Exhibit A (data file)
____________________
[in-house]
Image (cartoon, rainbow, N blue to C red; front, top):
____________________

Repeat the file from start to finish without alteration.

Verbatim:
[in-house]
Image (cartoon, rainbow, N blue to C red; front, top):